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Rules and Counting Techniques for Probability on the GRE

In my last two posts, we looked at ways to make up time with probability questions on the GRE by quickly eliminating answer choices, and then guessing the correct answer. In those posts, we examined the following question:

From a group of 5 managers (Joon, Kendra, Lee, Marnie and Noomi), 2 people are randomly selected to attend a conference in Las Vegas.  What is the probability that Marnie and Noomi are both selected?

(A) 0.1

(B) 0.2

(C) 0.25

(D) 0.4

(E) 0.6

In this post, we’ll examine 2 different ways to find the correct solution to this question.

To begin, it’s important to know that, when it comes to probability questions, we often have 2 distinct approaches to choose from:

  • Apply various probability rules
  • Apply counting techniques and the standard probability formula

For some questions, it may be best to apply probability rules, and, in other cases, it may be best to use counting techniques. The approach you choose may also depend on your level of comfort with each strategy.

1. Applying Probability Rules.

To apply probability rules, I’ll first ask, “What needs to occur in order for both Marnie and Noomi to be selected?

Well, the first person selected must be either Marnie or Noomi AND the second person selected must be the remaining person. At this point, I know that I can apply the AND probability rule to solve this question.

The “AND” probability formula looks something like this: P(A AND B) = P(A) x P(B)

Aside: Please note that there are different ways to represent this formula. One involves using conditional probability, which has some complicated notation. Rather than use this notation, I’ll just add an important stipulation to the above formula. The stipulation is when we calculate P(B), we must assume that event A has already occurred.

Okay, now let’s solve the question.

I know that P(Marnie and Noomi are both selected) = P(one of the two friends is selected first, AND the remaining friend is selected second)

When we apply the formula, we get:

P(M and N both selected) = P(one of the two friends is selected first) x P(the remaining friend is selected second)

Now, what is the probability that one of the two friends is selected first? Well, there are 5 people to choose from, and we want one of the 2 friends to be selected. So, the probability is 2/5 that one of the two friends is selected first.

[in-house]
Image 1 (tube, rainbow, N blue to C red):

Now, we need to find the probability that the remaining friend is selected second. Well, first we will assume that one of the friends was already chosen on the first selection. So, at this point there are 4 people remaining, and 1 of those 4 people is the remaining friend. So, the probability is 1/4 that remaining friend is selected second.

This means that P(M and N both selected) = (2/5) x (1/4) = 1/10

So, the correct answer is A.

2. Applying Counting Techniques.

To apply counting techniques, we will use the fact that, if we have an experiment where each outcome is equally likely to occur, then

P(A) = [# of outcomes where A occurs]/[total # of outcomes]

So, P(M and N both selected)= [# of outcomes where both are selected]/[total # of outcomes]

As I explained in my last post, it’s always best to calculate the denominator first. So, for the denominator in our question, we need to determine the total number of outcomes when 2 people are selected from a group of 5 people. Since the order of the selected people does not matter in the given question, we can apply the combination formula. So, we can select 2 people from 5 people in 5C2 ways. When we apply the combination formula, we see that 5C2= 10.

At this point, we need to determine the number of outcomes where Marnie and Noomi are both selected. In other words, in how many ways can we select 2 people such that both of those people are Marnie and Noomi?

Well, there’s only 1 way to do this; select both Marnie and Noomi.

So, P(M and N both selected)= 1/10

Now, some readers may question whether or not there is only 1 way to select both Marnie and Noomi. This is a valid question. After all, we could select Marnie and then Noomi, or we could select Noomi and then Marnie. This would mean that there are 2 ways to select both Marnie and Noomi. Seems reasonable enough. However, the important point to keep in mind is that, when we determined the value of the denominator, we assumed that the order in which the people are selected does not matter. So, when we determine the value of the numerator, we must once again assume the order in which the people are selected. This means that selecting Marnie and then Noomi is the same as selecting Noomi and then Marnie, in which case we cannot consider them as two different outcomes. So, there is only 1 way to select both Marnie and Noomi.

 

 

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